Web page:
Pros: Delicious food; easy recipes; interesting history; helpful tips
Cons: Messed-up notes
Rating: 3.5 out of 5
Review book courtesy of Alpha Books.
Leslie Bilderback, CMB, explores Biblical dietary laws in The Complete Idiot’s Guide to Good Food from the Good Book—a compilation of information and recipes. Her premise seems to be that the Biblical guidelines also serve as a guide to healthy eating that, were we to follow it, would greatly aid our search for health and well-being.
Ms. Bilderback presents us with a decent introduction to distant food history—how people cooked and why, as well as what the Biblical dietary laws most likely meant or were meant to achieve. She also delves into the modern science that has revealed good nutritional and sanitary reasons for those laws.
She includes recipes both ancient and modern, most of which are aimed at introducing you to a wide array of vegetables, whole grains, and non-refined sugars. Breads and crackers, burgers, fish, stuffed vegetables, soups… it’s all in here. There’s a version of Indonesian satay (grilled meat with peanut sauce). There are tacos of various kinds. You’ll even find meatloaf and a homemade barbecue sauce.
The recipes that we tried came out absolutely wonderfully. A broccoli dish with cheese sauce and crunchy cracker topping was delicious; however, since it didn’t specifically mention using whole grain crackers for the topping, I have to wonder how many folks new to healthy eating will just pick up a typical box of Ritzes or the like instead? A recipe for ratatouille was my favorite of the book—it included a wealth of vegetables, several fresh herbs, and olive oil to fantastic results. A Texas bean bake produced something that my husband found perfect for cold lunches at work, so I’m sure he’d consider this review quite remiss without enthusiastic mention of it.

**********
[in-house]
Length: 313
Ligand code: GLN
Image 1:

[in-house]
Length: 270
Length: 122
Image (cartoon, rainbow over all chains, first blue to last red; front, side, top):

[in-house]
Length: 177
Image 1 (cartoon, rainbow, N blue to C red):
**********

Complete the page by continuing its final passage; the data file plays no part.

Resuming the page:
I have only two reservations about this book. One is that the recipes don’t seem quite as dedicated to the principles the author espouses as the text does. For all that she warns us off of refined flours and sweeteners, for example, you’ll find plenty of them in dishes such as cranberry sorbet, pound cake, carrot cake with cream cheese frosting, angel food cake, and so on.
My other reservation is the side notes. Each recipe comes with a little box in which are noted prep time and cooking time. Often other notes appear above or below a recipe. Sadly, I’m guessing that someone accidentally caused a bunch of these to become mixed up while laying out the book, because many of them seem utterly irrelevant to the recipe they’re paired with. An opening note on the Texas bean bake says it would make a lovely vegetarian dish if paired with rice… a great idea, except that there’s a pound of ground beef in it. Similarly, the box next to the baked broccoli dish states a cooking time of 10 minutes, while the recipe itself says “bake for 20 minutes.” Unfortunately these are far from the only ones, too; I paged slowly through and quickly spotted a good handful more before I stopped looking. (If I’m right about the layout mixup, the author probably had a stroke when she noticed. It’s also a bit odd for the CIGs, which are usually much better put together than that.) Sadly, since there’s no way to know which ones are right or wrong without checking them against the recipe, this means the prep/cook time boxes are essentially useless.
Usual cookbook notes: the layout is clean, clear and easy to make sense out of; there are no color food photos other than those on the cover.